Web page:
There a lot of questions and concerns swirling around in the open marketplace of ideas about the Affordable Care Act. It can be difficult to know what's accurate and what is not in any given set of circumstances. One way to feel more confident that you are getting the right answers is to go to a source that is reliable.
The most reliable source might be to go to HealtCare.gov, the official website for the services that are supposed to be available through the ACA, but it's had its share of errors and glitches since it opened -- as the media has been so widely reporting. As a backup, Consumer Reports may serve well.
CR proved to be the source of some good information about a little known ACA benefit that we think could be particularly useful to those who rely on Social Security disability benefits to survive. It has to do with help they may well be eligible for in minimizing annual deductibles.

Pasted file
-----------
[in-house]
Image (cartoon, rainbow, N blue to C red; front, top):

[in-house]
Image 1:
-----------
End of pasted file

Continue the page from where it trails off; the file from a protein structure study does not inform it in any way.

To describe what's available, Consumer Reports used the case of a woman who is on disability and living on $1,400 a month. She isn't eligible for Medicare yet.
She was told by one expert, correctly, that because of her low income she would receive a subsidy on her monthly premium for ACA coverage. But the expert also told her, incorrectly according to Consumer Reports, that the amount she would have to pay out of pocket each year, her annual deductible, would be $4,000 or more.
A Consumer Reports expert says the new health law ensures that those who are below 250 percent of the federal poverty level (which this woman is) not only get tax credits to lower premiums, but also qualify for advance tax breaks to help with out-of-pocket costs such as deductibles.
The key point to take away is that getting the right information, whether it has to do with the ACA or Social Security disability benefits, is crucial. And turning to those with experience in the related areas is always wise.
Source: ConsumerReports.org, "Heard of this little-known benefit of the new health law?," Nancy Metcalf, Oct. 11, 2013